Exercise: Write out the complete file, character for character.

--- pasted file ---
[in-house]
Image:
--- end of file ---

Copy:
[in-house]
Image: